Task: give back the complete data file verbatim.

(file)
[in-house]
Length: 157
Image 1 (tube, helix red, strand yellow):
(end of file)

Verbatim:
[in-house]
Length: 157
Image 1 (tube, helix red, strand yellow):